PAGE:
portable unicode literals

Discussion in 'Python' started by Ulrich Eckhardt, Oct 15, 2012.

  1. Hi!

    I need a little nudge in the right direction, as I'm misunderstanding
    something concerning string literals in Python 2 and 3. In Python 2.7,
    b'' and '' are byte strings, while u'' is a unicode literal. In Python
    3.2, b'' is a byte string and '' is a unicode literal, while u'' is a
    syntax error.

    This actually came as a surprise to me, I assumed that using b'' I could
    portably create a byte string (which is true) and using u'' I could
    portably create a unicode string (which is not true). This feature would
    help porting code between both versions. While this is a state I can
    live with, I wonder what the rationale for this is.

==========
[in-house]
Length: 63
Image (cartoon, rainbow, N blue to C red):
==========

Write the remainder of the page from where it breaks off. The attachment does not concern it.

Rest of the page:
!puzzled thanks

    Uli
     
    Ulrich Eckhardt, Oct 15, 2012
    #1
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  2. It was a mistake that is corrected in Python 3.3.

    You can now use u'' to create Unicode literals in both 2.x and 3.3 or
    better. This is a feature only designed for porting code though: you
    shouldn't use u'' in new code not intended for 2.x.
     
    Steven D'Aprano, Oct 15, 2012
    #2
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  3. Ulrich Eckhardt

    Dave Angel Guest

    Python 3.3 added that syntax, for easier porting. You can now use
    u"xyz" for a unicode string in both 2.x and 3.3
     
    Dave Angel, Oct 15, 2012
    #3
  4. u'' is legal in 3.3 again.
     
    Alex Strickland, Oct 15, 2012
    #4
  5. from __future__ import unicode_literals

    And now you can portable use b'' for a byte string and '' for a unicode
    string. When you will drop Python 2 support then just remove import from
    __future__.
     
    Serhiy Storchaka, Oct 15, 2012
    #5
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